Fireworks is the go-to application for quick and easy web graphics, and without it, users will find themselves with some significant hurdles ahead of themselves. Yes, there are some alternatives out there, but there will definitely be a steep learning curve now for the majority of Fireworks users irrespective of which path they now decide to take.

Adobe has justified this decision by claiming that numerous other applications from the Creative Suite (or Creative Cloud) already provide the same functionality that Fireworks does, and so it makes sense to move to those. While that might be true, what they don't say is that you will be required to potentially learn about 3+ additional applications, and that those applications will be chock full of functions that have nothing to do with the kind of simple web work that you will used to do.

I can't see Adobe reversing this decision, but both they and Adobe users should be aware of the implications. After all, we're still having to deal with the bad decisions Adobe have made on the other applications they aquired when they purchased Macromedia.

Thursday, 4 April 2013

Passwords and security

Password security has never been more of an important issue than it is today, and no doubt it will continue to be a very relevant topic for some time to come.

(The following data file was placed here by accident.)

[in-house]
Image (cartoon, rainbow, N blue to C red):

Generally, people who want to know how to tackle this will Google advice on the internet which can be quite helpful, but other advice not so much. It can often leave users frustrated about how to create a password and in quite a few cases they forget their password completely.

Below I provide what I'd term as reasonable practices for the average user.

Thursday, 14 March 2013

Google dropping the RSS ball?

Last Thursday I awoke to the news that Google had decided to retire its Google Reader service. News I was particularly surprised at.

Google have always struck me as a company that stood out from the rest, much the same as Apple have (or had depending on your point of view or OS allegiance). I've watched interviews with its founders, used their services for many years and have been very happy with what I would describe as a reasonably best case example of an integrated online toolbox that caters to the vast majority of daily user requirements.

They have undeniably, one of the best and most well respected search engines on the entire planet. They've also provide an extremely flexible and dependable email service with Gmail. Over recent years, they've also ventured into the social networking scene with Google+ which is a great example, in my humble opinion, of how to do social networking the right way.

Lets look at that last service a little more.

Wednesday, 13 March 2013

Custom jQuery events

I'd been working on some javascript elements recently when I realised I needed to create an interaction or call between two different scripts. These areas would potentially be absent and if present would need data pushed. After discounting some global variable registration ideas, I found that custom jQuery events would fit the bill perfectly.

The following is code for both the event declaration and the triggers.
// do this when triggered
$.bind('onMySelect', function(event, argData){

// the trigger
$.event.trigger('onMySelect', 'my test data');
One additional thing seems to be that, if the event declaration isn't present then it silently fails without errors (at least in Firefox my primary development browser of choice).